Life has its ups and downs, but it may feel dark and hopeless for some as if there is no escape. If those feelings begin to turn into suicidal thoughts, you must seek help right away. If someone you know is bringing up hints about suicide in conversation, they may be considering it. Never ignore those hints or try to laugh them off. There are ways to intervene and possibly even prevent a tragedy. Understanding the connection between adverse childhood experiences (ACEs) and suicide can help you see the signs and may ultimately save someone’s life.

How are ACEs and suicide related?

The facts are pretty scary. Let’s look at suicide first. According to the Centers for Disease Control and Prevention (CDC) WISQARS Leading Causes of Death Reports, suicide was the tenth leading cause of death in the United States in 2019. More than 47,500 people ended their lives that year.

Suicide was the second leading cause of death among young people between the ages of 10 and 34 and the fourth leading cause of death of those between 35 and 44. Think about all those lives cut short before they had a chance to grow and heal. Think about all those devastated families trying to make sense of their loss. Now multiply that by the tens of thousands of suicides each year before and every year after that study. Absolutely heartbreaking.

ACEs are quite common here in the U.S. According to the CDC-Kaiser Permanente Adverse Childhood Experiences (ACE) Study, almost two-thirds of the adults surveyed reported at least one adverse childhood experience–and the majority of these individuals said they had more than one ACE.

While we don’t know how many of those 2019 suicide deaths involved people with ACEs, we do know that there is an alarming relationship between ACEs and suicide. According to this 2018 study, “Associations of adverse childhood experiences and suicidal behaviors in adulthood,” Martie Thompson and her team of researchers found not only that those with ACE test scores above zero were more likely than those who scored zero to seriously consider or attempt suicide, but the accumulation of ACEs increased the odds. In fact, Thompson et al say that “…the odds of seriously considering suicide or attempting suicide in adulthood increased more than threefold among those with three or more ACEs.”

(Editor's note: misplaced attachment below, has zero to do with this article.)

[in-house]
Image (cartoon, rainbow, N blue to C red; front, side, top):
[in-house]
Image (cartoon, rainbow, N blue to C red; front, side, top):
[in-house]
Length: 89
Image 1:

More than a decade earlier, Dube et al looked at young people in the CDC study and found that there was an 80% increased risk of attempted suicide while ACE survivors were still children or adolescents. That risk dropped to 67% throughout a lifetime as survivors grew into adulthood–still a highly disturbing number.

Now, let’s think about those stats. If young ACE survivors are at such a high risk of attempted suicide (80%!), and suicide was the second-leading cause of death in young people in 2019, could those suicides have been prevented if we could have prevented those youth from experiencing adverse childhood experiences? Could we prevent most suicides by eradicating child abuse once and for all? This is why we need to talk about ACEs and suicide.

ACEs and Suicide: The warning signs and how you can help

If you or someone you know has experienced one or more of the many types of ACEs, such as child abuse, child sexual abuse, child neglect, child exposure to domestic violence, and other adversities described in the ACE study, then you or that person you know may very well be at risk of attempted suicide. There are other risk factors, as well. Knowing the risks can aid you in being prepared and ready to seek help.